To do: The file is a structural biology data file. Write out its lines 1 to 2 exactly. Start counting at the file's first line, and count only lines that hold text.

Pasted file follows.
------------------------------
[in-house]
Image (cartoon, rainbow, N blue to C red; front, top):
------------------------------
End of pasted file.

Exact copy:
[in-house]
Image (cartoon, rainbow, N blue to C red; front, top):